In the past couple of years, I’ve been to see a fair number of shows at Annex Theatre. Though a small, fringe theatre in an odd upstairs space in Capitol Hill, they have always impressed me with the high quality of writing, production, and acting in their shows. Nearly all of their plays are thought-provoking in some way, or tell a gripping, interesting story, or at the very least are darkly comedic.

With such a high standard, I was disappointed by “Cocktails at the Centre of the Earth,” which I went to see on Friday evening. However, I need to put some caveats into place before I continue:

1. I am biased against nearly everything Steampunk-related. I am not intimately familiar with the literature that inspired the genre, but I have read some short stories and a novel set in a steampunk universe, and I’m familiar with the current incarnation of steampunk in Pacific Northwest culture, which seems to have more to do with wearing a corset and pocketwatch, and gluing a cog to your hat, than anything related to, say, Babbage’s Difference Engine or Steam-powered engines. I’ve been a big scifi nerd practically since birth, and while I do enjoy some truly terrible science fiction movies and shows, I have a pretty high standard for narrative in the genre, and thus far I have not found anything steampunk that has met these standards.

Steampunk also bothers me because it is very white- and upper-class-centric. I’ve said this several times throughout the blog, but I am a white and culturally-middle class human being, but I do try to be conscious of other narratives, and I often find them more interesting because they are not as familiar to me. Steampunk glorifies the 19th century, a time when the white Western world was doing things like attempting to destroy Chinese civilization with opium, massacring Native Americans, using capitalist economics to enslave all kinds of cultures, from English and Irish to Indian to African, and discovering how cheap and plentiful fossil fuels were. Yes, there was a great focus on the power of science, knowledge, and exploration – this is also highlighted in the Indiana Jones movies, in case those in my age group have forgotten. But unlike Indiana Jones, steampunk focuses on the mystery, the magic of these ideas, and how nice it must be to be a brilliant upper class Brit who has nothing better to do with his (almost never her) money than explore the world on an airship, with no thought to how such a ship could be manufactured.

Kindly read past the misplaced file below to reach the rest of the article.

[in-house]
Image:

Imperialism is bad, racism is bad, ignorance and superstition are pretty harmful, and yet I find steampunk glosses over these aspects of the glorious Victorian and Edwardian eras and focuses instead on how pretty petticoats were.

2. The script has the same witticism, timing, and many of the stock characters, of a drawing room play. Again, I’m biased against such plays because they’re all about the dialogue, with a very thin romantic plot.

So, with these two biases of mine in mind, one could understand how I did not enjoy the play as much as I hoped to. The costumes were indeed lovely, the characters were indeed very steampunk, and the plot took place in a series of more and more fanciful cocktail lounges, with burlesque routines and live music sandwiched between scenes. The writing was pretty weak – the end, in which all the characters pair up, came out of nowhere. The characters themselves are unsympathetic cardboard cutouts in fancy clothes (I just don’t feel anything for a series of bored and deceitful stage presences, and I don’t care about the miniscule problems they have). The music is nice but again, has nothing to do with the play (I’ve directed two shows now which involve live music, and I had a brilliant composer friend write the music for me to fit the show, specifically). And the burlesque routine wasn’t even that exciting as the dancer herself looked bored out of her skull.

I will say this: it is a very Seattle play, culturally. Burlesque and steampunk are both huge here, and the music was a nice distraction – it really had nothing to do with the show, other than two of the characters happen to be singer/poets. It felt more like a cabaret with occasional funny dialogue between stock characters.

HOWEVER. If you like steampunk, if you like light-hearted fanciful comedies, if you like live music, then you should go see this show. It has all of these things, and does them decently.

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